Our study shows that inhibition of AR nuclear translocation is not sufficient for suppressing DHT-induced DPC senescence. Although DHT stimulates the secretion of inhibitory factors, such as DKK-1, TGF-β, and IL-6, it is not involved in the process of DPC senescence. A previous report shows that DHT induces signal transduction stimulating DPC senescence, which is regulated regardless of nuclear translocation of AR [37]. Therefore, mAR signaling-mediated DPC senescence can be a target for AGA pathogenesis. In our study, we identified a strong anthocyanin compound, C3A, that has effects on both intracellular and mAR signaling in the process of DPC senescence. A previous report has shown that androgens induce oxidative stress via activation of mAR lacking its regulatory N-terminal domain variant, which induces NOX-dependent ROS generation [30]. Also, DHT facilitates signal transduction via activation of putative mARs such as SLC39A, GPRC6A, and transient receptor potential melastatin 8 (TRPM8) [38]. Consistent with our results, other researchers have shown that androgens have distinctive effects dependent on oxidative stress levels, but AR inhibition by antagonists could not rescue the oxidative stress-induced neuronal cell viability [30]. Conversely, nuclear translocation of AR induces an adaptation mechanism and androgen deprivation provokes oxidative damage with an increase of NOXs (NOX1, gp91phoz, and NOX4) and a decrease of ROS reducing enzymes. This suggests that nuclear translocation of AR regulates ROS balance against oxidative stress [39,40,41]. Therefore, DHT-induced senescence is not dependent on nuclear translocation of AR. But, it suggests that the antioxidative effects of C3A are crucial for recovering DPC senescence by scavenging ROS produced by mAR-mediated signaling.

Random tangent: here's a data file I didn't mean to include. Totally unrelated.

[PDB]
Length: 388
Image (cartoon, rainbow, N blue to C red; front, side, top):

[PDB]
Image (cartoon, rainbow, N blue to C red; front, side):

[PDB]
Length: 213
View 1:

Our study initially demonstrated the DHT-induced DPC senescence is facilitated by p38 phosphorylation and C3A inhibits mAR signaling-mediated p38 phosphorylation. In our results, DPC senescence is induced by p38-mediated mitochondrial dysfunction and VDAC1 expression is increased by DHT. Consistent with our results, in silico analysis suggested that the VDAC1 promoter sequence is predicted to bind with the CREB, SP1, and ETSF [42]. These transcription factors are regulated by p38 kinase activation [43]. It is supposed that VDAC1 expression is regulated by p38-mediated causative transcription factors binding with the VDAC1 promoter sequence. Although the VDAC1 expression regulatory mechanism remains unknown, these findings suggest the possibility that VDAC1 plays a crucial role in ER-mitochondria contacts by assembling the VDAC1–IP3R1 complex. Mitochondrial calcium uptake is known to be accelerated by MAM formation, transferring calcium from ER to mitochondria by IP3R1–VDAC1 coupling. Excessive calcium influx consequently overactivates citrate cycle enzymes and ATP synthase, leading to mtROS accumulation and cellular senescence [15]. Previous reports show that intracellular calcium levels are increased in the process of HFSC differentiation by mitochondrial ATP synthase activation and keratinocyte differentiation is regulated by cytosolic calcium level [44, 45]. To the best of our knowledge, there has been no study on the effect of MAM formation and mitochondrial calcium accumulation on DPC senescence. Significantly, mAR-mediated signaling induces DPC senescence with mitochondrial calcium accumulation. Furthermore, this study is the first to report that C3A acts as a regulator of the VDAC1–IP3R1 complex via p38-mediated VDAC1 expression. Our results also show that MCU expression is not altered by DHT but MCU inhibition reverses DHT-induced DPC senescence. These results imply that MCU expression does not determine mitochondrial calcium entry level but acts as a passive transporter of calcium into the mitochondrial matrix. Previous studies support these results that MCU-mediated mitochondrial calcium overload is involved in aging-related epigenetic modification and MCU inhibition suppressed high glucose-induced mitochondrial dysfunction and neuronal cell aging [13, 46,47,48]. Since C3A inhibits DHT-induced ER-mitochondria contacts in a p38-dependent manner, it can be a promising candidate for AGA drugs regulating the influx of mitochondrial calcium to reduce DPC senescence.